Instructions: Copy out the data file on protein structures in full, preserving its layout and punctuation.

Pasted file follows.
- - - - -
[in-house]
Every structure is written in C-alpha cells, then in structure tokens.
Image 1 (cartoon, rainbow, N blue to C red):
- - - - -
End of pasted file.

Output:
[in-house]
Every structure is written in C-alpha cells, then in structure tokens.
Image 1 (cartoon, rainbow, N blue to C red):